This year all schools across Fiji have again been asked to observe this important day and organise school based activities to disseminate important information to the children on Child Labour. We have advised all schools to emphasize on children’s rights, key issues affecting the present day children and how education can assist them to fight off these challenges. Schools can join the campaign through organising awareness activities on the issue of child labour and the negative impacts on the development of children. Activities can range from having special notice boards, oratory contests, chief guest invited for assemblies, quizzes, skits, debates, research activities art and drawing competition. We are also asking all stakeholders to empower our children to speak out against any social injustice or ill-treatment not only for themselves but for others also.

 

Taking control of external shocks

Ladies and gentlemen, external shocks can contribute to children’s drop out and exacerbation of child labour. Shocks such as, disease outbreak, cyclones, droughts and other natural disasters.

We need to be ready and immediately take control of the situation to ensure that our children are protected. Some measures may require support to the household as well so that there is no household based factors contributing to dropouts and child labour. A good example is the recent cyclone that we experienced. We lost no time to get our children back to school. We engineered all resources to get our children back to schools, away from the trauma and any form of exploitation that they could be subjected to. We remained steadfast that children were the most vulnerable group in situations such as this and therefore, they should be salvaged.

 

Parental Engagement

Apart from this, we have now intensified on the notion that parents as one of the key stakeholders must now become more involved in their children’s education. This will motivate the child to work hard in school and make well thought out choices for future, thus minimising the issue of school drop outs.

 

Seminar Today

Ladies and gentlemen, the objective of the seminar that is organised today and which is funded by the European Union dwells on two key areas which are:

  • To understand child labour concepts, laws, policies and leading actions to eliminate child labour and;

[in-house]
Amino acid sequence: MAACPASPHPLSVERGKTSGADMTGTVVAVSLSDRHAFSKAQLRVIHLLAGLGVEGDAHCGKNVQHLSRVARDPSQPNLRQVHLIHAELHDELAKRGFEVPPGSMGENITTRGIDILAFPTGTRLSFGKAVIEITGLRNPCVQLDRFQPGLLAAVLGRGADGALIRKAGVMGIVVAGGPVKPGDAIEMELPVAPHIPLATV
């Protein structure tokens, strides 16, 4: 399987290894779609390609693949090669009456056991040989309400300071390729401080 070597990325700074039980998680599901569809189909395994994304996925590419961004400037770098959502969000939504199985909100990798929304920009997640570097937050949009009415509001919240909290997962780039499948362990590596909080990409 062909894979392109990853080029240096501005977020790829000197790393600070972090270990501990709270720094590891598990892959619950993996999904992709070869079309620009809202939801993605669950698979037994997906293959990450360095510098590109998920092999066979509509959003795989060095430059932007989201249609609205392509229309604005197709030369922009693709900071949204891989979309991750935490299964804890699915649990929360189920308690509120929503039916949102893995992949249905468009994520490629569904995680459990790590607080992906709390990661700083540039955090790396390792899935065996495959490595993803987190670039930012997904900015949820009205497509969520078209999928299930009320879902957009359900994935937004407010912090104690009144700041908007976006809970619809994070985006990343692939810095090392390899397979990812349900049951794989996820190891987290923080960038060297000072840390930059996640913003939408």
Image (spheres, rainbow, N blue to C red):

• To evaluate knowledge on child labour and advocate for positive change

I understand that the presentations during this Seminar will focus on areas such as: Ending child labour in supply chains, Overview of relevant national laws, Understanding child labour, its consequences and actions to eliminate child labour and leading actions to end child labour.

These topics will undoubtedly enrich and enlighten all those who are taking part and set a perfect scenario of information sharing and learning. For the students who are part of this Seminar, you must understand that your action is not only limited to your understanding and comprehension of the information, but more so it challenges you to teach your colleagues, family members and the community at large on the importance of protecting the children. You will become a key mode of information dissemination on this very important topic.

Ladies and gentlemen, let me re-iterate that with Education we can all collaborate to put this issue to an end. Our beautiful nation must become a safe haven for all our children. Together we all can make a difference. I urge all of you to act and let this heinous actions come to a full stop.

Ladies and gentlemen, with these words, I wish all participants of this Seminar a very enriching and informative experience and thank the organisation group for their vision and foresight. I do hope this message of mine and the organisers do not only remain confined to you all, but reaches out to everyone in this country – the employers, NGO’s and civil society organisations, educational institutions, parents, children, community leaders, and faith based groups.

In every discourse of yours, our children, our future and future of this nation, must be included. For some, the bottom line is different, but morality and social responsibility should also be an objective, secondary at least. Thank you. Vinaka Vakalevu and Danyavaad